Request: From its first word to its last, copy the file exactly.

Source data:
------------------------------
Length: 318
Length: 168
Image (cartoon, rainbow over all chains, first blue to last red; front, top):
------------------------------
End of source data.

Length: 318
Length: 168
Image (cartoon, rainbow over all chains, first blue to last red; front, top):